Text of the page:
Rookie defensemen Brandon Carlo and Rob O’Gara probably played their way into the Bruins starting lineup, but the team won’t have to make a difficult roster decision immediately, as veterans Kevan Miller and Adam McQuaid remain sidelined by undisclosed injuries.
Both Miller and McQuaid missed practice Tuesday and were placed on injured reserve. General manager Don Sweeney said McQuaid’s absence is short-term, but Miller “will likely be out for an extended period of time.”
At the least, both defensemen will miss the first three games of the season, which begins Thursday in Columbus.
“You want to be out there working on stuff,’’ said McQuaid. “It’s disappointing, but that’s the way it is.”
Carlo, who has been playing with Zdeno Chara, and O’Gara, who has been paired with Torey Krug, get a chance to step in.
“Obviously with the way O’Gara and Carlo played in the preseason and the way they’ve shown they can play and start the season, and with the injuries we have, it’s a little bit of luxury we weren’t expecting,’’ said Bruins president Cam Neely.
“I truly feel like we’ve got some good young players that are knocking on the door, or a couple of years away. And I think they’re going to make an impact on this club while our core is still in a position to play at the level they’re currently playing at.’’
“I feel like I’m ready for whatever’s thrown at me,’’ said Carlo.
Another rookie who was playing himself into a starting role, forward Austin Czarnik, is out with a concussion suffered on a hit Saturday night. Czarnik, who is following concussion protocol, is listed as an IR non-roster player until he is medically cleared to play.
Czarnik’s absence from line rushes left Riley Nash centering Jimmy Hayes and Matt Beleskey on the third line. Other line combinations were: Patrice Bergeron-Brad Marchand-David Pastrnak; David Krejci-Ryan Spooner-David Backes; and Dominic Moore-Noel Acciari-Danton Heinen.
As the coaching staff did some final sifting of players, management and ownership took time to lay out their expectations.
For owner Jeremy Jacobs, the expectations are pretty simple: It’s about the playoffs.
“I share the expectations of everybody here that we’ll be in the playoffs and I expect them to get deep in the playoffs,’’ said Jacobs, whose team has missed the postseason for two consecutive years.
“It’s a very good mix of young and experienced players, so I’m looking forward to a good playoff season.’’
Jacobs said the mandate to make the playoffs — and to make some noise there — is there every day.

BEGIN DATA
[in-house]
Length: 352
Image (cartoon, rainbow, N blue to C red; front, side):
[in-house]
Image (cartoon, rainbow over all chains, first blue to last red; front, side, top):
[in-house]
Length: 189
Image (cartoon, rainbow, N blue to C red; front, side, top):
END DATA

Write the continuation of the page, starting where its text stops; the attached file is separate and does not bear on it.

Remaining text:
“Our expectations are high,’’ he said.
Sweeney has some simple expectations, too. But it’s too soon for him to skip ahead to the playoffs.
“It’s all about the wins,’’ Sweeney said. “That’s the bottom line in this business.’’
The emergence of the younger players is gratifying to Jacobs.
“What you’re seeing in these players, we didn’t give up early,’’ said Jacobs. “We didn’t trade out these guys, we stayed with them.’’
Jacobs thought that Saturday’s final exhibition game, a 1-0 victory over the Flyers, showed a team he can be enthusiastic about.
“There’s a lot of youth out there, and I was seriously impressed,’’ he said.
Sweeney said the new players have changed the dynamic, pumping a little energy into the group.
“The core players we have — Patrice and Brad and Tuukka [Rask] and David — they were drafted and developed and they’ve become our core players,’’ he said. “And the expectations are the players we’re trying to integrate now, when they’re ready, will become equally the same.”
As Sweeney noted, the only thing left is performance. That’s under coach Claude Julien’s purview.
“The play of a lot of these guys has really impressed us,’’ Julien said, “but on the other hand, we’ve also as a coaching staff tried to implement things trying to make us better as a team, which will make our defensive game and our defense be more efficient. I think it’s shown so far in these preseason games, the puck is moving a lot better and there’s reasons for that.’’
Keep in touch
Sweeney said the Bruins will stay in touch with defenseman Christian Ehrhoff, who came to training camp after playing for Team Europe in the World Cup and was released from his professional tryout contract Monday. “Ultimately he made the decision that if he wasn’t going to be in the lineup right away that he would like to explore other options,’’ Sweeney said. “We parted on very, very good terms and actually spoke to his representatives that we’d like to keep tabs on him.” . . . The Toronto Maple Leafs claimed forward Seth Griffith off the waiver wire. Griffith, 23, had one assist in four games with the Bruins last season, and played 57 games (24-53—77) with Providence.